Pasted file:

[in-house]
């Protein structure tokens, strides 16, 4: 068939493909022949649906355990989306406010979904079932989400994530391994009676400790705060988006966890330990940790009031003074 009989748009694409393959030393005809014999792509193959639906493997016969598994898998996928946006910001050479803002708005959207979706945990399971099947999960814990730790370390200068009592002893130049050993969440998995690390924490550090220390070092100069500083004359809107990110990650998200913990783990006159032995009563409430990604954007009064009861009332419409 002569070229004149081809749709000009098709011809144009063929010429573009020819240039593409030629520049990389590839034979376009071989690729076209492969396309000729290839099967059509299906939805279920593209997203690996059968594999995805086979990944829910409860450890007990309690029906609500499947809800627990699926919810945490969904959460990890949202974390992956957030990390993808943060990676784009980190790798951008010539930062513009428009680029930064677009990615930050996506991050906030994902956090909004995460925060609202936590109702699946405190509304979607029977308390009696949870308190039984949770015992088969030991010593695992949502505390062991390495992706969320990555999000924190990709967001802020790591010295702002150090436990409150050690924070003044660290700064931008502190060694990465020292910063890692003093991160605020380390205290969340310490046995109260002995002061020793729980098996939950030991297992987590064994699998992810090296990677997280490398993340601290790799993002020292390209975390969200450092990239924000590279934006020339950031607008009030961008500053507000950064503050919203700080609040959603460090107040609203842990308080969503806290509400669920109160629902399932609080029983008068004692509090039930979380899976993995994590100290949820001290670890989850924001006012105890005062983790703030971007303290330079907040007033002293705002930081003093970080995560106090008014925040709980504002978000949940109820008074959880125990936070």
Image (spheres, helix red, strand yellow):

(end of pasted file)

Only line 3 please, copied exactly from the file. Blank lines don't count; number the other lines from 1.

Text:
Image (spheres, helix red, strand yellow):